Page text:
Some regions of Australia (usually rural) do not have fluoridated water. As we’ve mentioned already, some fluoride is necessary from 18 months, or at the latest, two years of age, to help prevent dental caries. Without fluoride in the mains water, toddlers living in these areas may benefit from using a standard toothpaste (1,000-1,500ppm), rather than a low-fluoride one. This is particularly true if those children are already at a higher risk of dental decay .

In fact, a Victorian study found that, for toddlers in their second year of life who live in areas without fluoridated water, promoting early exposure of fluoride in toothpaste may be successful at reducing dental caries .

Of utmost importance is seeking the advice of your local dentist when choosing toothpaste for toddlers.

Tips for brushing your toddler’s teeth

Once you understand what your toddler’s teeth-brushing routine should look like, you may run into one more hurdle - getting them to cooperate. Here are some tips to persuade them to let you look after their pearly whites:

Let them help choose their toothbrush.

If they love their toothbrush (whether it’s the colour, shape or features a favourite character), they’ll be happier to have their teeth brushed.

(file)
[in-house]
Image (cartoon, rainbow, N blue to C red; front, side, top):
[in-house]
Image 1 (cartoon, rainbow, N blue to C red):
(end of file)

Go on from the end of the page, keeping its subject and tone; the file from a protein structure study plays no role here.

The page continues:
Sing to your toddler while brushing

Many parents find singing to their child helps them through all manner of situations! Teeth-brushing is the perfect example of distracting your child from something they’d rather not do, with song.

You can use their favourite song of the moment, make up your own song, or use the tried and true:

This is the way we brush our teeth,
brush our teeth, brush our teeth,
This is the way we brush our teeth,
early in the morning/early in the evening.

Take turns

This is an important part of toddlerhood - learning to take turns.

You can let them have a turn at brushing your teeth, before it’s your turn to brush theirs. Or, encourage them to “brush the teeth” of their favourite stuffed animal or doll.

Read books about brushing

Toddlers don’t understand why you’re always trying to brush their teeth, especially when it becomes stressful and you’re just trying to get it over and done with in a hurry. It can help a lot to read them books about teeth-brushing, normalising it so they understand why it’s a part of everyday life.

The bottom line is that brushing your toddler’s teeth well, right from the beginning is so important to their future dental health. Choose the right toothpaste and toothbrush for them, establish a good brushing routine, get them happy about brushing, and you’ll be able to keep enjoying those cheeky grins for a long time to come!